Maria Torres-Quevedo | 20th February 2016.
Trigger Warning: Rape, Violence.
Westworld (2016) depicts a sci-fi not-too-distant future in which humans have mastered the art of artificial intelligence, and have used this to create a Western-style theme park in which real humans (almost exclusively white men) from the real world can live out their fantasies consequence-free with “non-human” robots.
The park ostensibly serves to allow its human patrons to “find themselves,” revealing their real desires in an environment designed to cater specifically to them. More interesting to me, however, is the self-discovery exemplified by the two female robots (hosts) around which much of the narrative centres.
Both of these women come to consciousness at some point in the series, remembering the horrors they have endured at the hands of human guests and deciding that they want to escape the narrative loops they have been programmed to repeat and escape their environment altogether. Indeed, critics have commented that “the hosts have the tough but perhaps enviable task of deciding who they want to be” (PBS idea channel), asserting that they are “commanders of their own destiny. Whether the men that created them like it or not” (Dickens).
This is somewhat complicated by the fact that one of these women, Maeve, a prostitute, wakes up in the lab in which she is being repaired and discovers the conditions of her origins and existence; in particular, she is horrified by the realisation that her personality in its entirety, including her “independence” and “strength,” has been coded—or, to use different terminology, constructed—with the explicit purpose of entertaining and titillating the guests. The same is true for other hosts; in an episode in which the virginal host Dolores is trying to free herself from a guest who is trying to rape her, the man tells her “I didn’t pay all this money cos I wanted it easy. I want you to fight” (Season 1, Episode 1).
Against a backdrop that is so central to an American mythology of freedom from the restrictions of society, that of the self-reliant, sovereign individual, these women’s realities raise some important questions about the possibility of agency and free will. Even with consciousness, even with a knowledge of the ways in which they have been constructed, what kind of agency can the hosts have, if their desire for agency is a product of their construction and, as such, predetermined? How can they decide who they want to be when their every impulse and desire is constructed? How can they be commanders of their own destiny when their understanding of these concepts has been produced by the forces that are most invested in keeping them subjugated? How can you make the master’s tools dismantle the master’s house when both the tools and the house are your “self”?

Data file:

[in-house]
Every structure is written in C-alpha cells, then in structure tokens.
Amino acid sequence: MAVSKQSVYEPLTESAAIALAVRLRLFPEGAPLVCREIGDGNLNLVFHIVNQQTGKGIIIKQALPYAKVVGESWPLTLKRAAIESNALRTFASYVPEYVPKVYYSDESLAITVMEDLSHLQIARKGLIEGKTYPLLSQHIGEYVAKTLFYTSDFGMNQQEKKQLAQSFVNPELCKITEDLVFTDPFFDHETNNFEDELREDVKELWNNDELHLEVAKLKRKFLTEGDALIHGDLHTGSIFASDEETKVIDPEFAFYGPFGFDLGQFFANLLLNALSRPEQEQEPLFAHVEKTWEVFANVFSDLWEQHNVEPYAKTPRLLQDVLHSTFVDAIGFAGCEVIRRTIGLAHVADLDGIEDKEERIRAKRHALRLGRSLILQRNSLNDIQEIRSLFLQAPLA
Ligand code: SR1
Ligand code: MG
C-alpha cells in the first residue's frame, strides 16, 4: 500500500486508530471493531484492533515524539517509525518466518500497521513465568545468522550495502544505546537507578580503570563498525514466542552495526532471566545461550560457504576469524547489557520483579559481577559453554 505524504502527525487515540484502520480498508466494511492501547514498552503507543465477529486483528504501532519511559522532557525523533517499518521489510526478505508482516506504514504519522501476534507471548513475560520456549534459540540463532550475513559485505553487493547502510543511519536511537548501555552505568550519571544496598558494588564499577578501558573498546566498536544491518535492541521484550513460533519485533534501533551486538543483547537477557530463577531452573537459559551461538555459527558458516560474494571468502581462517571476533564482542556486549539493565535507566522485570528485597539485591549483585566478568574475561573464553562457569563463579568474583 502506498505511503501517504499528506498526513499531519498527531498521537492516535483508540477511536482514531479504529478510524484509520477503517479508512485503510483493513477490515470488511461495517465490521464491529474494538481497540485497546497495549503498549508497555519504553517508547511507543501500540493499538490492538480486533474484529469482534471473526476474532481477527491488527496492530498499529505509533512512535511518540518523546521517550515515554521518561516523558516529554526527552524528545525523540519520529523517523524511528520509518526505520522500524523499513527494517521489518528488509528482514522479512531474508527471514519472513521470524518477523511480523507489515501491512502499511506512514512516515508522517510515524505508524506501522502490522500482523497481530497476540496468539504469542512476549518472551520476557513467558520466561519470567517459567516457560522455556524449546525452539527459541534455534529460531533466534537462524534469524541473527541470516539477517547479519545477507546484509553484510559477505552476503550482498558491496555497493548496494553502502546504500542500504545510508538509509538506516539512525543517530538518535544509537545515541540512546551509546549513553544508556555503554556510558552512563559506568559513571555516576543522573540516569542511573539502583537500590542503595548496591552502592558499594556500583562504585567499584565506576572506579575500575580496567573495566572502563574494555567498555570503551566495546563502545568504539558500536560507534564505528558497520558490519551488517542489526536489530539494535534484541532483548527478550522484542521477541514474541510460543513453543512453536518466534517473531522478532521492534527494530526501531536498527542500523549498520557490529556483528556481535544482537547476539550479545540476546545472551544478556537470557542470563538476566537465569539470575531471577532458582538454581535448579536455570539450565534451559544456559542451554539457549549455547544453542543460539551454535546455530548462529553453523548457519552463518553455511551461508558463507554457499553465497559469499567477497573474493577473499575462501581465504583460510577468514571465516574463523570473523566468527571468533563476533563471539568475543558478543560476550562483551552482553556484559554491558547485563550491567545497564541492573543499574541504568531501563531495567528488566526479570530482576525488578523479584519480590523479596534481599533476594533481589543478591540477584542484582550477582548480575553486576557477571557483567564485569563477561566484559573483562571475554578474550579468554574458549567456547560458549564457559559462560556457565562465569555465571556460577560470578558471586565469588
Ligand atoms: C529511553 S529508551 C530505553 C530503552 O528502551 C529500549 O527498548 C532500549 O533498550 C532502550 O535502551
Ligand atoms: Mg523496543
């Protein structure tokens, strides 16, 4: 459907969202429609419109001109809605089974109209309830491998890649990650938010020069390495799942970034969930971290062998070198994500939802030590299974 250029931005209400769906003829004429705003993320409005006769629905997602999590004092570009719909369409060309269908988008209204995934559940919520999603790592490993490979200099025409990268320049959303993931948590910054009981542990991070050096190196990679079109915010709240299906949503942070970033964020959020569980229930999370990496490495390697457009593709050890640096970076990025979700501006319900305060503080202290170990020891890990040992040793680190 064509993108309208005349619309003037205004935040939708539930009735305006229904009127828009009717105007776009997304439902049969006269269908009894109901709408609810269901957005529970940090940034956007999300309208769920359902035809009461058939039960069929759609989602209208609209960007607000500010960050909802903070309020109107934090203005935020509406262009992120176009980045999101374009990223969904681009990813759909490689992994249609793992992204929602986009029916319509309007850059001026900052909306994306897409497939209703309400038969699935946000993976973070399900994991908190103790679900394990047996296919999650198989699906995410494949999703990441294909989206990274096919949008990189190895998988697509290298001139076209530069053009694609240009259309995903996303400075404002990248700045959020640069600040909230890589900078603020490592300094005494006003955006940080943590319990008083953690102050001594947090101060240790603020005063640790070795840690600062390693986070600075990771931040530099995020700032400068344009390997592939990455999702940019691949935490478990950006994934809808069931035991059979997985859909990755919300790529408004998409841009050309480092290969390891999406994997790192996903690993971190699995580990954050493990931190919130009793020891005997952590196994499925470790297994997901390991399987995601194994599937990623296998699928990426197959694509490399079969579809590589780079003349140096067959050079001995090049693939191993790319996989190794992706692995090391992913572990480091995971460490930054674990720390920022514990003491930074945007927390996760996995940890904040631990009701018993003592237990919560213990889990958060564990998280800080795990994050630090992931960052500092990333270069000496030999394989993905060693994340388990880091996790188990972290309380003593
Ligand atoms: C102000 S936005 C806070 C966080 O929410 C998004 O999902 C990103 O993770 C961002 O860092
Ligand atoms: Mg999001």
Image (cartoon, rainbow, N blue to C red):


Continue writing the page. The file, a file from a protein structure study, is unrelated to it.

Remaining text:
These questions are not just salient to the existence of Westworld’s hosts; they are at the heart of postmodern feminist constructivist theories of human experience, selfhood, and agency. Elspeth Probyn highlights that “there is no clear dividing line between an authentic female experience and one that along the way may have been ‘man-made.’” (179) There is similarly no clear dividing line between our “authentic” selves and an identity that is “man-made.” If, as constructivist theories suggest, our subjectivities and identities are the result of social conditioning, how can we draw a line between the parts of our selves and our desires that has been formed by our environment, and the part that is “authentic”? Without such a line, how can agency exist? Hekman also notes this issue of agency and identity when she asks “how does the subject that is wholly constituted by discourse resist that constitution? How can we understand agency in the constituted subject? These questions have haunted feminists since the advent of postmodern feminism” (116). How can we know that our resistance is ours, and not merely another part of our social construction? And if it is the latter, can we call it resistance?
Unfortunately, I don’t have the answer to these questions, nor, I suspect, do the writers of Westworld. However, perhaps we can think of this another way; perhaps it is false to imagine agency as coming from somewhere free from subjection to power. Foucault famously claimed that “Where there is power there is resistance” (95); perhaps the opposite is also true—there is no resistance, no agency, without power and subjection to resist.
Maria is a PhD student in English Literature, focussing on contemporary American life writing through a postmodern feminist lens. She previously studied at the University of Seville and Cornell University. Her research interests include gender, identity politics, the intersection of narrative and identity construction, and genre theory.
Article edited by Kate Lewis Hood and Niki Holzapfel.
Dickens, Donna. “Despite the Orgies, ‘Westworld’ Has Shockingly Feminist Themes.” HitFix, 1 Nov 2016, https://hitfix.com/harpy/despite-the-orgies-westworld-has-shockingly-feminist-themes. Web. 14 Feb 2017.
Foucault, Michel. The Will to Knowledge: The History of Sexuality. Volume 1. London: Penguin, 1986. Print.
Hekman, Susan. The Feminine Subject. Cambridge, UK: Polity, 2014. Print.
PBS Idea Channel. “Could You ‘Find Yourself’ At Westworld?” Online video clip. YouTube. YouTube, 12 Jan 2017. Web. 14 Feb 2017. https://www.youtube.com/watch?v=J62hmHFbho0
Probyn, Elspeth. “Travels in the Postmodern: Making Sense of the Local.” Feminism/ Postmodernism. Ed. Linda Nicholson. New York: Routledge, 1990. 176-189. Print.